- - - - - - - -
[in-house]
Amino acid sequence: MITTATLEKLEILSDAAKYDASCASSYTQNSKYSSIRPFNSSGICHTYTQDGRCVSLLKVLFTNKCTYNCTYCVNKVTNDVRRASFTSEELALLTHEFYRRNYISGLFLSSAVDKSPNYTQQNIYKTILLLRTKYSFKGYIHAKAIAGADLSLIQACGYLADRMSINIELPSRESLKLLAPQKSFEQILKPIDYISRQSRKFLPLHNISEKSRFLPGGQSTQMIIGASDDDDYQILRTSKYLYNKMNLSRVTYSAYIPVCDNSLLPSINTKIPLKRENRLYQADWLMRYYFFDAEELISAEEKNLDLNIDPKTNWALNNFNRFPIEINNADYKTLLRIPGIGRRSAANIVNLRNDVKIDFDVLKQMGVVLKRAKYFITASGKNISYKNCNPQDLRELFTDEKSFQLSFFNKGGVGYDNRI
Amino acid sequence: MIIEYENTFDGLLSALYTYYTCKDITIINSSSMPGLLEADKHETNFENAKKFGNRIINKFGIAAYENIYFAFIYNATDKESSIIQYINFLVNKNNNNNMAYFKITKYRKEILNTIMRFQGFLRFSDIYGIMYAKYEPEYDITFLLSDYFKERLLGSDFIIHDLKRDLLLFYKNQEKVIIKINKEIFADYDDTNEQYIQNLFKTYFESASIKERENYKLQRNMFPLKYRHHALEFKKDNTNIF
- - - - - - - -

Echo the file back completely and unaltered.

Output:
[in-house]
Amino acid sequence: MITTATLEKLEILSDAAKYDASCASSYTQNSKYSSIRPFNSSGICHTYTQDGRCVSLLKVLFTNKCTYNCTYCVNKVTNDVRRASFTSEELALLTHEFYRRNYISGLFLSSAVDKSPNYTQQNIYKTILLLRTKYSFKGYIHAKAIAGADLSLIQACGYLADRMSINIELPSRESLKLLAPQKSFEQILKPIDYISRQSRKFLPLHNISEKSRFLPGGQSTQMIIGASDDDDYQILRTSKYLYNKMNLSRVTYSAYIPVCDNSLLPSINTKIPLKRENRLYQADWLMRYYFFDAEELISAEEKNLDLNIDPKTNWALNNFNRFPIEINNADYKTLLRIPGIGRRSAANIVNLRNDVKIDFDVLKQMGVVLKRAKYFITASGKNISYKNCNPQDLRELFTDEKSFQLSFFNKGGVGYDNRI
Amino acid sequence: MIIEYENTFDGLLSALYTYYTCKDITIINSSSMPGLLEADKHETNFENAKKFGNRIINKFGIAAYENIYFAFIYNATDKESSIIQYINFLVNKNNNNNMAYFKITKYRKEILNTIMRFQGFLRFSDIYGIMYAKYEPEYDITFLLSDYFKERLLGSDFIIHDLKRDLLLFYKNQEKVIIKINKEIFADYDDTNEQYIQNLFKTYFESASIKERENYKLQRNMFPLKYRHHALEFKKDNTNIF